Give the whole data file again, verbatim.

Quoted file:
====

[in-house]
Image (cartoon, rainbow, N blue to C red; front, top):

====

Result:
[in-house]
Image (cartoon, rainbow, N blue to C red; front, top):